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Jeff Cooper: Can the Fed Pull a Houdini When the Helicopter Ride Ends?


The Fed has been on an excellent monetary adventure for 6 years. What could possible go wrong on the way out?

There are two opposing non-conspiracy camps on what has been the longest dollar rally in more than 40 years:

1) Dollar strength is a sign that a strong recovery is taking hold in the US.

2) Deflation is breaking out throughout the world and fear is driving money into the dollar.

As a fellow trader said over a month ago, "when currencies trade like social media stocks, it's not good for an über-leveraged financial system."

Currencies are all relative because for the most part nothing backs them up, other than perhaps the credibility and status of the country in question.

Let's say the dollar is ramping because of deflationary fears. What happens if a great deflation wave hits with the US being the greatest debtor nation in history? This is a stark contrast to the US being the greatest creditor nation in the world at the time of the Great Depression.

Because the debt level is so great, theoretically, if deflation hits, the severity will be great.

This may in part explain the Fed's excellent zero interest rate monetary adventure of the last 6 years. They have been expecting (maybe hoping and praying?) for a strong economic recovery to bail  them out. They are all in. Maybe they buy into the idea that escape velocity is front and center in the economy. If so, that should be a better show than an Houdini escape act.

Ditto their own exit strategy.

Being 'all in', at the first whiff of deflation, the Fed has no choice but to ask for a 'marker' and push more chips into the pot.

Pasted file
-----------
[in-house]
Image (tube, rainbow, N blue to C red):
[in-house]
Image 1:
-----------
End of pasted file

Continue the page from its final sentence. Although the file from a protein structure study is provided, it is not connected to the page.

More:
This is a battle royale, nothing less than a war. And while the US conquered all of Europe in 4 years in World War II, recent military episodes haven't been going so swimmingly.

Do you get the feeling that government is too serious a business to be left to politicians?

What will happen when push comes to shove?

I don't know.

However, I fear that it will be an ugly day if the Fed backtracks on QE.

All any central bank has is their credibility and half that word, credit, is wearing as thin as their ability to stimulate economic growth.

In a word, what happens when the jig is up and players refuse to ante up for the emperor's undergarments when it's full monte time?

As horrendous as the debacle in 2008 was, it was relatively short-lived. The SPX recaptured prior highs in April 2013, 6 years after the 2007 peak.

It took 25 years for the SPX to set new highs following the 1929 peak.

So the question arises, has the market's rise been smoke on the water? If so, is there another debacle knocking on the door?

Interestingly, the SPX is 540 degrees in time from April 2013, mirroring the 540 degree time frame from gold's waterfall failure.

540 degrees is a true square as it represents a 6 sided square or cube (90 degrees X 6).

Since that time, gold has had its ups and downs but has not really snapped the climatic low made in late June 2013.

September saw the biggest monthly decline in gold since September 2011 as it succumbed to a dollar rally that went asymptotic in September.

Let's take a second look at the gold chart from yesterday's report.

On Monday, in the largest one-day rally in two months, gold rebounded from just above major swing lows -- just as the SPX turned tail on Thursday from ABOVE what most players probably expected would be a full on test of the August lows before any meaningful rally.

Checking the junior gold miners index Market Vectors Junior Gold Miners ETF (GDXJ), we can see what looks like bullish Train Tracks.

An upside gap today/Wednesday in GDXJ that holds could install an Island Bottom.

Note that the pattern is coming from what looks like the lower rail of an important channel. It looks like there is a clear shot to the 35 strike on a trading basis.

Strategy. The first Minus 1/Plus 2 daily sell set rejected stocks on Monday as the SPX set an opening spike high as expected on a 'Pinocchio' of the key 1971 level (90 degrees up from Thursday's 1926 low).

Decline through gapfill perpetuated downside acceleration. Short-term follow through targets SPX 1950ish (195 SPY).

Form Reading Section

Twitter: @JeffCooperLive

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